, March 27, 2013
The first Alex M. Pruteanu story I ever read was “The Sun Eaters.” It had been published elsewhere, but my first encounter with it happened at the social networking/writing website, Fictionaut. In reading all 700-some-odd words of it, I could feel my brain folding and unfolding, rearranging itself with every word, as it was all new to me, all the more devastating. I knew from word one that I was reading the real shit, the good stuff. In my world, “the real shit” is defined as writing that possesses such a profundity, such inherent poetry and the unshakable sense of truth that the person reading it feels not the strain the writer endured to write it, not the struggle of the words to find their right places, but the story’s vibrations through all of time, the endless forthcoming relevance of the words.
Pruteanu, a Romanian emigrant, has been generous enough to share several of his stories on Fictionaut, and I have read many of them. He is widely published elsewhere, in print, on some of the biggest literary websites as well as the farthest reaches of the internet. But when I learned he would be publishing upwards of 80 stories in a collection, I knew exactly where approximately fifteen dollars of my hard-earned money would be going in the near future. Widely published as he is, it can be hard to keep up, plus, he’s modest in his author bios, opting not to supply a long laundry list of places where his work has appeared. Prior to his collection being released, I’d maybe read 20 of his stories and poems. But a collection, when done right, brings new life to the words. (Also, paper is still superior to glowing screens.) Lo, the day came where I could purchase his book, and after a SNAFU with the USPS (“Wankers,” Pruteanu would call them), I had the book.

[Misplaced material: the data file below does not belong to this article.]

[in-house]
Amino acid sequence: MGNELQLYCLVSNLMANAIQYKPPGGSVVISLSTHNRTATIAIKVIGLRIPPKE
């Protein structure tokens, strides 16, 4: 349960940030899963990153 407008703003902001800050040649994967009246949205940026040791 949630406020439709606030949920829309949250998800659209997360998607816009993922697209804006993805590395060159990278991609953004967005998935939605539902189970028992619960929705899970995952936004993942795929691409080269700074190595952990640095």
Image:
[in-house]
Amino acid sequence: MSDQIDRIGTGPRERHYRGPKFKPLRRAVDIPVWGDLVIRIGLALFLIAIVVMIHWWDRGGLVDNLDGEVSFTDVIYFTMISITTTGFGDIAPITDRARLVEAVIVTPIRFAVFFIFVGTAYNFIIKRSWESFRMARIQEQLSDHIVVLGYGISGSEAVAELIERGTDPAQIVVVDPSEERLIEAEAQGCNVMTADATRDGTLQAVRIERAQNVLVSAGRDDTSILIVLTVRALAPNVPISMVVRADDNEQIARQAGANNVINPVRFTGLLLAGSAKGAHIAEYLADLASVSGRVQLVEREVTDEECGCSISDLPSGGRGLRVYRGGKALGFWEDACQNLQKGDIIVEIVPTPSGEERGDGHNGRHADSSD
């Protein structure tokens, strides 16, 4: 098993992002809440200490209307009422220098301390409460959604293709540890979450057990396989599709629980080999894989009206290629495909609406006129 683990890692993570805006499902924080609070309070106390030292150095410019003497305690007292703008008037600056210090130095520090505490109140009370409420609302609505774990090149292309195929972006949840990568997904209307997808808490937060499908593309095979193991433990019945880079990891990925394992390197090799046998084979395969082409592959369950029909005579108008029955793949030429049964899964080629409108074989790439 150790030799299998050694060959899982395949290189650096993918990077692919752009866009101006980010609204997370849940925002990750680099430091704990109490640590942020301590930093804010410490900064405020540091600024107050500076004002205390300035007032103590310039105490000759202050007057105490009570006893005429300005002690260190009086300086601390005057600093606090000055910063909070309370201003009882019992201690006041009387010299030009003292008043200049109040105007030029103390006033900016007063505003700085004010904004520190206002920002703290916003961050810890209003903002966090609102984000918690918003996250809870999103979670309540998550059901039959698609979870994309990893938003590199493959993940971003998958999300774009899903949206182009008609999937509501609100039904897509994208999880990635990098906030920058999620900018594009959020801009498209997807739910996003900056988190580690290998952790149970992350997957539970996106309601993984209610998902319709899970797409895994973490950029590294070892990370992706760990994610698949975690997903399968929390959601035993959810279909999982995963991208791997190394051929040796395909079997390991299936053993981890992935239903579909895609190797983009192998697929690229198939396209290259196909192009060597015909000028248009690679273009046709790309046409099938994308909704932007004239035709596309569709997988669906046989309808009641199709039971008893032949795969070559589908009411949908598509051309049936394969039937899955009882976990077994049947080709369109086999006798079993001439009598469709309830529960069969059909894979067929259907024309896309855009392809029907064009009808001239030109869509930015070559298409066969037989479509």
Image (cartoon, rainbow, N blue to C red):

Physically, GEARS is a small brick: 372 pages, 1.4 pounds. You could put it through a plateglass window, with a strong windup. The cover is glossy, grey, beautiful. The design is simple, elegant, and homemade (Pruteanu’s wife, Teresa, based the design on a DaVinci sketch). In other words, it feels like a book.
Emotionally, however, GEARS is a ten-ton truck exploding down a slick, steep highway with no brakes. One story after the next leaves you battered like roadkill. The exact kind of roadkill you want to be: profoundly affected roadkill. Roadkill that may heal, but will never be the same. He tells tales, some autobiographical, of the oppressive communist regime of Romania that, from mid- to late-20th century, killed, tortured and intimidated millions of people. Any great number of Romanian intellectuals, artists, writers vanished from the face of the earth. Homes were bugged; family members pitted against each other by the state. Extreme, unfathomable poverty befell the nation. Al-jazeera even made a documentary about the Romanian secret police, The Securitate. In these stories Pruteanu, in both a timely and timeless manner, provides intimate, often terrifying gazes into what it was like to live in that world, in that time. It is not easy reading, in fact, at times, it’s downright excruciating, the pain you feel for Romanians of this era, for humanity to have this on its conscience.
Though, as the collection progresses, you begin to see through the eyes of characters who escaped these atrocities, in the outside world: Europe, Canada, driving through the United States, perpetual disenchantment notwithstanding their histories. By the end, the trek from Romania to the southern United States lives in your bones. It’s you, now. (P.S., Not sure when I switched to second person, but all right.)
The thing about GEARS that I can’t get over is how perfectly-arranged the stories (yes, some are poems, but even the poems tell stories) are. Each leads into the next seamlessly, and interruptions in tone or style are done so elegantly that the shock of the transition is absorbed in its own greatness. The importance of these stories are self-evident, and the arrangement of them only further confirms that the machine is churning on all cylinders. I trust the author to guide me from one to the next world he’s created. And what wonderfully, albeit frighteningly, well-drawn worlds they are.